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Creative Consciousness Challenge 2021

2021 Winning Submissions


True Expression by Karena SaulFirst Place: Karena Saul, “True Expression is the Necessity of Life”

Gender studies has found its way into my artwork quite often in the last two years. As someone who is nonbinary, it has always been a struggle to find my identity.  Most things in media are defined as male or female, boy or girl. This created a feeling of alienation once I realized I was in a grey zone of self-identity.

My conflict with my gender identity began when I met someone who was nonbinary for the first time two years ago. I was raised in a sheltered home, so I didn’t understand there were more than two genders until I came to college. Once they explained everything to me, it was as though I had been struck my lightening. I continued to do my research on gender identity until I concluded why I always felt wrong in my self-expression.

Once I realized I was nonbinary, the next step was to come out to everyone: a tall order in Eastern Kentucky. I knew my parents wouldn’t understand, since they believe that sex and gender are synonymous. I started small by telling my brother and my partner. Both were supportive and I am eternally grateful for it. As time went on, I told more and more people in my life. I even changed my pronouns on Facebook to my preferred ones.

It seemed I had reached the end of my rope in my expression of identity without outright outing myself to my parents. This led me to want to explore my gender identity in some of my personal artwork. I knew this would be a slippery slope since my parents adore to see my artwork, but it was finally time to take the step that scared me the most. I have always struggled to find the right words to explain how I felt about my gender identity. Turning to my artwork to say what I could not, I created a painting three months ago that is the closest I can get to expressing the feelings of attempting to find myself in the vast world we live in.

When I began the process of sketching out my painting ideas, I turned to my professor at the time. He helped guide me to a better way of expressing the ideas I needed, and in the end, I created a painting I am proud of. The painting, “True Expression is the Necessity of Life,” depicts a younger version of myself deliberating what pronouns and outward expression I desired to have. It is in the form of shopping at the grocery store, where I can pick and choose the produce I desire to have in my basket of life. There are some fruits that aren’t quite ripe yet, but maybe someday they’ll end up in my basket, when the time is right.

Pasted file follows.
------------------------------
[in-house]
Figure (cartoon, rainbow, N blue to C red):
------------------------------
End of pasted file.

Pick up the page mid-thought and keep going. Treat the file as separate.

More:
Misgendered by Gretchen ProbstSecond Place: Gretchen Probst, “Misgendered”

My piece depicts a nonbinary person (female presenting, they are wearing a binder) being shot in the chest by pink and blue arrows. I wanted to show the pain that being misgendered, or even struggling with your gender, causes. My piece is also hand embroidery, which is not appreciated as an artform as often because it’s historically been seen as a woman’s hobby. My piece collects different aspects of gender studies by showing the struggle of being misgendered, and by simply being a medium done mainly by women.

Third Place: Elliot Lobdell, “Loveless Girl”

Link to song:

I am Elliot Lobdell, and I wrote “loveless girl” for this competition. I am writing about the pressure I’ve felt my entire life to find someone and settle down. I know from talking to other women over the course of my life that while this isn’t a universal experience, it’s certainly something that several women have gone through. When I didn’t have a date to homecoming my freshman year, I had my worth as a human, questioned. When my cousin didn’t have a senior prom date, I heard my friends calling her a prude. When my mom divorced my dad, my ex boyfriend, called her unlovable. This is something women have been dealing with for decades, and something that weighs heavily on me as I recently became single for the first time in three years.

It wasn’t until I found some really good friends that I realized my self-worth should not be defined by who I am with. I sincerely hope that someday I’ll find someone again, but now I recognize that the idea that if I don’t, it’s my fault is something that someone years ago made up, and people now are discovering the consequences of.  This is one of the many pressures put on women that gender studies is trying to logically look at, and pick apart. The journal “the ‘problem’ with single women” by Shelley Budgeon says that, “Compared with men, women experience greater pressure to conform to the ideology of marriage and family because conventional constructions of gender emphasize caring and dependence as a central element of successfully performed femininity.”  Heteronormativity is causing women to feel like they are worthless when they aren’t relying on others. The idea that being independent makes you a lesser person comes from the belief that women are weak.

Oftentimes women don’t even realize that these feelings of worthlessness are coming from external pressure. To be entirely honest, I didn’t. I thought that the worthless, the hurt, and the shame came from me. That it was pressure placed there by myself and I was the sole cause of all my problems.  It wasn’t until I started reaching out to other afabs, women, or female presenting people about my issues that I realized that other people experienced this as well. It didn’t take much research to come to the conclusion that a good chunk of women suffer this doubt after a breakup. I needed to write about the thoughts I was struggling with -- the idea that “maybe I’m meant to be alone,” that I knew I was anything but alone in feeling.

I hope that one day women don’t feel shame when it comes to being alone, and recognize that they are not unlovable simply because they aren’t in a relationship.